Giants Log: You managed to do things working for Irwin Allen that you might never have had a chance to do.
Elizabeth: I was so lucky. If I had just been a researcher in a group researching for one of the studios I wouldn't have had a chance to do any of those things. I would have been stuck in that research department, never moving from my desk. Whereas here I was absolutely free. I could go anywhere I wanted and he was very nice about letting me have complete confidence in what I was doing. I think the nicest compliment he ever paid me, and it wasn't in a way a compliment - He'd been wanting to get a helicopter for some show and he was having problems. He told me to get onto doing that and I went into his office and said, "Mr. Allen, I've got a helicopter for you and it'll do exactly what you want it to", and he didn't say anything to me at all. He looked at me and picked up his receiver and dialled a number and I don't know who he was talking to, and he said," Our girl Elizabeth has done it again!" I beamed all over my face, I was so pleased.
Maggie: Remember when he used to inform everybody that you were...
Elizabeth: I sat in all the meetings, serious business meetings most of them, heads of different departments who were working with him and they were on subjects of more general concern. They were talking about hippies and saying how awful it was and so on. So I piped up and said, "Well, I like hippies", and he said, "What?!", and I said, "Well the hippies have been very nice that I've known" and again he didn't say anything to me. He walked straight out of the room, was gone for a few minutes and when he came back he said, "I've got to tell you, I went outside and said to my secretary, 'Did you know that Elizabeth likes hippies?' and she looked at me and said, 'Oh, didn't you know that Elizabeth was one of the greatest swingers on the lot?' I said, 'No, I never thought. Oh dear, sweet, gentle Elizabeth. I never thought I'd hear something like that about her.'" So after that, when he brought people in to see me, he used to introduce me as his 'resident hippy'. So you see, I used to have fun with him. To me he was always very nice and sweet.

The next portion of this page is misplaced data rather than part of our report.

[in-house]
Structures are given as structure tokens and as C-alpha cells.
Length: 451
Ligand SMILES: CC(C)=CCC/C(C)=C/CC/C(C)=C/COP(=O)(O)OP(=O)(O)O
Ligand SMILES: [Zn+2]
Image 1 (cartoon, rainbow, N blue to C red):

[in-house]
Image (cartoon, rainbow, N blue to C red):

Giants Log: Who was in the team that surrounded Irwin Allen?
Elizabeth: The team belonged to the studio actually. I think it was his own cameraman. An awfully nice man and I think he may have been his special cameraman because he was on all his shows. One of them who he depended on most was the man who did the special effects, Bill Abbott. He was great. I think he (Irwin) depended on him tremendously. He was an awfully nice man.
Giants Log: He was probably very proud of the people he had working with him. Did you know some of the writers such as Richard McDonagh and Tony Wilson.
Elizabeth: Oh, Tony Wilson I remember. I liked him. As a matter of fact, I wanted to write a script for I think 'Lost in Space' and I showed Tony my treatment and Tony liked it. He said, "You know, Irwin will never take something from you like that. If you like, write it up. You'll have to let me put my name on it, and I'll say the idea comes from you. If he likes this one, he might let you do the next one." Wouldn't you know that by the time I decided to do this, the show was over, so I didn't get a chance. He (Tony) used to have an enormous pair of made-up soft, sort of rubber, feet - bare feet of some sort of monster and he put that out underneath his desk. People sitting could see these huge awful feet. He was so funny doing things like that. I liked him very much. Mr. Allen had another writer who I know died, William Welch. He was a very nice man, very quiet.